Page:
Why Gareth Southgate should revert to an England back five
Background Image Via: Flickr/Steve Cadman. CC BY-SA 2.0.
On Friday night, England lost their first qualifying match in over a decade. Gareth Southgate's men were well-beaten by a Czech Republic side who certainly deserved all three points, timing-wise, it couldn't have been worse for the Three Lions. With the 2020 European Championships just over the horizon, what does that mean for this young squad?
Well, barring disaster, England should have absolutely no problem in topping their group and earning their place in next summer's showpiece. However, the confidence these players carried into the UEFA Nations League on the back of reaching the semi-final at the World Cup has since dwindled. The performances have been uninspiring while a constant tinkering of the squad raises cause for concern. It's time for Southgate to re-familiarise his players with a tactic that worked wonders during Russia 2018; a back five.
Although playing a four-man defence allows an extra body in midfield, what's the point in weakening one area of the pitch in order to bring in another bang-average midfielder? Unfortunately, England is well-stocked in that regard. Quite frankly, the likes of Jordan Henderson, Harry Winks, Ross Barkley, Eric Dier and Fabien Delph are all too similar. I'll reserve judgement on Declan Rice - for now anyway...
Defensively, England doesn't fare much better personnel-wise, though Southgate has shown that he can organise a back five into a well-drilled, effective unit. With Manchester United's Harry Maguire at the base, John Stones (when fit) to one side and his Manchester City teammate Kyle Walker at the other, the Three Lions had something that worked. As the old saying goes, if it isn't broken, don't fix it.
In turn, starting with three centre-halves does play to England's strengths in the full-back slots. Trent Alexander-Arnold is arguably the best crosser of a football in the country right now, while Aaron Wan-Bissaka is an elite one-on-one defender. Over on the left, Danny Rose continues to be steady while he warms the left-back position until Ben Chilwell is fully-ready to take control of that spot in the starting line-up.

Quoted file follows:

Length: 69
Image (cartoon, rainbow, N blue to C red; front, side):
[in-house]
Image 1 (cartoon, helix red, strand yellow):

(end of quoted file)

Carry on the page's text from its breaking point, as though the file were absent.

This is a change that has been brewing for a while - but it's one England need to make before next summer. It will take time for the Three Lions to get fully back up to speed in terms of a back five, but shipping three goals against Kosovo and then two last time out is all the warning signs needed. The knock-on effect it has further afield is also another massive plus. Southgate can play with two strikers as opposed to the isolated one. Harry Kane is a shoe-in to get the nod, while Marcus Rashford, Raheem Sterling, Tammy Abraham and Callum Wilson aren't bad options to have, are they?
With Jadon Sancho or an ever-improving Mason Mount pulling the strings from in-behind, this is England's best chance at ending their half-century+ hoodoo in major international tournaments. For me, it seems like a no-brainer to make the switch sooner rather than later. It gets the best out of a squad that's only going to get better and in time, perhaps they can re-think switching to the more typical back four. For now, though, a five-man defence is certainly the way to go.